Supply economy, hierarchical organization and their resultant cultures made it clear over the decades that errors, failures and setbacks are taboo. Yet we all know they happen because business, like any other human endeavor, is subject to human frailty, not to mention the unexpected that we can’t foresee nor control. In the past, organizations would go to great length to hide, ignore or white-wash a setback all in the hopes that it will all go away.
Newsflash: they don’t!
A buoyant leader has the confidence to acknowledge the problem and while an answer may not yet be in sight, is even more confident that the problem will be solved successfully.
Your previous book The Hidden Agenda was about the motivation behind decisions. For those not familiar with it, would you share a little about it?
I came up in the business a somewhat soft-spoken fellow, hardly the tough-as-nails type, but one thing I did exceed in was human intuition and empathy. Over time, I put it to good practice in business development and became a renowned ad agency pitchman, and my success was due to understanding that behind every decision of any kind lies an unspoken, visceral, emotive motivation, when you uncover it and connect to it – you win.
The book is a roller coaster ride of the exploits of my years as a pitchman with stories, colorful characters and pitches won and lost.
You didn’t only write a book. You created a game based on it. Tell me more about the game.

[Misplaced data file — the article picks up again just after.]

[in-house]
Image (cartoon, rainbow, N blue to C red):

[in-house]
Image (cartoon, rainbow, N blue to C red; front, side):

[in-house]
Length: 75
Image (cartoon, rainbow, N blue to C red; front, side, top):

We’ve identified an urgent need for companies today to ready a new generation of leaders to replace retiring boomers departing in large numbers, and to do it in a way that’s consistent with how this new generation learns.
That’s why we’ve gamified the knowledge in The Case of the Missing Cutlery to create a leadership training game suite called Planet Jockey Boardroom Blitz. The game is an online multi-level, reality-based simulation based on the experiences of real Fortune 500 executives. The game is part of a suite that also includes a mentorship forum, where players can share business insights and seek advice, and a video tutorial library for on-demand coaching.
You are known for your work on the MasterCard “Priceless” advertisements. What was it that distinguished you from the competition? What “clinched” it?
The now famous “Priceless” campaign was created during the pitch I led for MasterCard. What separated MasterCard via “Priceless” was the very principle found in The Hidden Agenda: that people do not buy with their heads, they buy with their hearts. And by focusing our research on what mattered to people in their hearts, we discovered we all could agree that it wasn’t about what people purchased, it was about the things in life that no amount of money could buy. This idea still resonates 15 years later in dozens of countries around the world.
At last… my mom could finally tell people what I did for a living!
What are you currently reading?
I have just finished an inspired book The Reason I Jump: The Inner Voice of a Thirteen-Year-Old Boy with Autism, by Naoki Higashida.
My niece is raising an autistic child, and I immediately thought of her when I purchased it. It is about a 13-year old Japanese boy who, through the encouragement of his mom and teacher and the help of extraordinary technology, has been able to write exquisitely and reveal what it means to be autistic. It is very moving, uplifting and proves, yet again, the importance of human empathy and understanding.
The Case of the Missing Cutlery The Hidden Agenda